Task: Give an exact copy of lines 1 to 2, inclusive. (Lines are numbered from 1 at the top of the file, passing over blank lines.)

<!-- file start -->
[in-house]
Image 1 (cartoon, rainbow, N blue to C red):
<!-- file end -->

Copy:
[in-house]
Image 1 (cartoon, rainbow, N blue to C red):